Passenger cars[edit]

Facing the new American, European, Japanese or Chinese regulation, more and more stringent concerning CO2 emissions, exhaust heat recovery sounds like one of the most efficient ways to recover a free energy, since heat is generated in many ways by the engine. Numerous companies develop system based upon a Rankine Cycle:


The German company has been one of the first major to study exhaust heat recovery with a Rankine system called Turbosteamer.[11]


Honda also develops a module based on a Rankine Cycle to improve overall efficiency of hybrid vehicles, by recovering the heat of the engine and turning it into electricity for the battery pack. In the US highway cycle, the Rankine cycle system regenerated three times as much energy as the vehicle’s regenerative braking system.


A French company, Exoès is specialized in designing and manufacturing exhaust heat recovery systems based on Rankine Cycles. The system EVE, Energy Via Exhaust, leads to fuel savings from 5 up to 15%.[12]

Barber Nichols[edit]

Barber-Nichols Inc. develops Rankine technologies for vehicles.[13]


The German consortium unites the majority of internal combustion engine manufacturers across the world. Two task forces are currently studying exhaust heat recovery systems on passenger cars.


Renault Trucks: As a part of the All For Fuel Eco Initiative, Renault Trucks studies a Rankine system for long distance vehicles that could lead to 10% fuel savings.[14] The goal is to produce enough energy to feed the components and electronic auxiliaries with electricity and reduce the fuel consumption by reducing the load on the alternator.[15]

Double Arrow Engineering[edit]

Double Arrow Engineering's WildFire Heat Recovery System (WFHRS) is underdevelopment and utilizes wasted heat from both coolant and exhaust. This system mechanically adds power back to the drive-line, utilizing a Rankine engine as the energy conversion method. The WFHRS is designed for a verity of different applications, both fixed and variable RPM, aftermarket and OEM applications, but generally geared toward larger equipment such as large on-highway trucks, diesel generators, large buses and motor-homes, marine vessels, medium duty trucks, etc. [16]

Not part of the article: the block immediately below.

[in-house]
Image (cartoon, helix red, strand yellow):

IFPEN, Enogia and Alstom are developing a system called Trenergy dedicated to improve train fuel efficiency.[17]

Exhaust heat recovery in sport[edit]

Fuel efficiency, reduction of CO2 emissions, reliability and costs are necessary parts of Formula 1 manufacturers’ strategies. Automobile sport competitions is a good place to try and assess technologies that, once reliable, are adapted to private cars. As much as kinetic energy recovery system, Formula 1 constructors have produced one of the first exhaust heat recovery systems. Nowadays these devices are essential parts of embedded technologies on F1. Besides, heat recovery will be mandatory for the first time in 2014’s F1 Championship. Manufacturers, like Renault (ERS-H),[18] test their systems, which also drives the turbo to improve its reactivity –and the torque at low regime- after braking.


  1. ^ "2016 Chevrolet Malibu Hybrid Exhaust Gas Heat Recovery: Feature Spotlight" By Aaron Brzozowski, GM Authority, April 2, 2015
  2. ^ "BMW Study on Rankine Cycle for Waste Heat Recovery Shows Potential Additional 10% Power Output at Highway Speeds". Green Car Congress. 2009-05-03. Retrieved 2013-10-12.
  3. ^ Stuart Birch (2012-02-03). "Temperatures rise in BMW's work to recover engine waste heat". Sae.org. Retrieved 2013-10-12.
  4. ^ "What is ETC". Bowman Power. Retrieved 2018-02-08.
  5. ^ "Modelling a Turbogenerator for Waste Heat Recover on a Diesel-Electric Hybrid Bus" (PDF). Ian Briggs. Retrieved 2018-02-08.
  6. ^ "Electric Turbo-Compounding: Helping make distributed power systems more efficient". Kenya Engineer. Retrieved 2018-02-08.
  7. ^ "Less Fuel, Reduced CO2". Bowman Power. Retrieved 2018-02-08.
  8. ^ "Turbo Compounding, A Technology Who's Time Has Come" (PDF). Carl T. Vuk - John Deere. Retrieved 2018-02-08.
  9. ^ "Competitive Advantage". Bowman Power. Retrieved 2018-02-08.
  10. ^ "Modelling a Turbogenerator for Waste Heat Recover on a Diesel-Electric Hybrid Bus" (PDF). Ian Briggs. Retrieved 2018-02-08.
  11. ^ Tan, Paul. "BMW TurboSteamer". Paultan.org. Retrieved 2013-10-12.
  12. ^ "EVE - Energy Via Exhaust - Exoès". Exoes.com. Retrieved 2013-10-12.
  13. ^ "Organic Rankine Cycles". Barber Nichols. Retrieved 2013-10-12.
  14. ^ "Renault Trucks Corporate : Press releases". Corporate.renault-trucks.com. 2011-02-09. Retrieved 2013-10-12.
  15. ^ "Welcome on the Michelin Challenge Bibendum website". Michelinchallengebibendum.com. 2012-12-06. Retrieved 2013-10-12.
  16. ^ "WFHRS". doublearroweng.com. Retrieved 2016-06-04.
  17. ^ "Harnessing the Rankine cycle to recover exhaust gas heat and boost train energy efficiency". Ifpenergiesnouvelles.com. 2013-03-19. Retrieved 2013-10-12.
  18. ^ "Renault takes lid off of 2014 F1 turbo engine". F1technical.net. Retrieved 2013-10-12.